Modalité et changement: δύναμις et cinétique aristotélicienne

Dissertation, Université Catholique de Louvain (2023)
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Abstract

The present PhD dissertation aims to examine the relation between modality and change in Aristotle’s metaphysics. On the one hand, Aristotle supports his modal realism (i.e., worldly objects have modal properties - potentialities and essences - that ground the ascriptions of possibility and necessity) by arguing that the rejection of modal realism makes change inexplicable, or, worse, banishes it from the realm of reality. On the other hand, the Stagirite analyses processes by means of modal notions (‘change is the actuality of what is virtual insofar as it is virtual’). In other words: to grasp what change is, one has to resort to the modal idiom of potentialities, while the fact that there is change is indicative of the fact that nature is full of modal properties. Aristotle’s modal and kinetic realism finds a negative in the figure of the Megaric Diodorus Kronus. The polemical situation of Greek philosophy has indeed the dialectical advantage of not opposing the Aristotelian position to a sui generis straw man. Both in its reduction of modal judgements to temporal quantifications and in its dissolution of the reality of the state-of-being-in-motion in favour of a cinematographic view of processes, the philosophical figure of reductionist antirealism embodied by Diodorus constitutes an alternative that takes the opposite view of Aristotle’s realism. The present study is structured as a discussion between these two positions. In the face of Diodorus’ antirealist challenges, Aristotle articulates modal and kinetic considerations: the answers he gives to Diodorus’ puzzles thus provide valuable insight into his metaphysics. Moreover, the examination of Aristotle’s and Diodorus’ metaphysics, because of their insight and originality, will not fail to interest the philosopher concerned with the metaphysical foundations of modern physics, insofar as the entanglement between modalities and processes is nowadays at the core of mechanics (phase spaces, path integrals, etc.).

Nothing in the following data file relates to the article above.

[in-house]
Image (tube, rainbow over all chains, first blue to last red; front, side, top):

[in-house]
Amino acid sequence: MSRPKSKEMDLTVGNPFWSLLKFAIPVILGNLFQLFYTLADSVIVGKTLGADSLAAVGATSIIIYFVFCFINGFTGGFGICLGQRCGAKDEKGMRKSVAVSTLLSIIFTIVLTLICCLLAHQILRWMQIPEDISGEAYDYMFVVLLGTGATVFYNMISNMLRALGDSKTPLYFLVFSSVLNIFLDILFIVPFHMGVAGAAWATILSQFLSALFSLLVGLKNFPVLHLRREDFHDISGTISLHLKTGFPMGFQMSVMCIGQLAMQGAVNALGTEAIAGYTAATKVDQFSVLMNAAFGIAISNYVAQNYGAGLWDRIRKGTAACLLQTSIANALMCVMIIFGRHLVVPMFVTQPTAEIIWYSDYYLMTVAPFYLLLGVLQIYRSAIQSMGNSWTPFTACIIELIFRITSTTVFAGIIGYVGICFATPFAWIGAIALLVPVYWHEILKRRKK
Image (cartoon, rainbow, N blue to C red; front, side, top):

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Florian Marion
Université Catholique de Louvain

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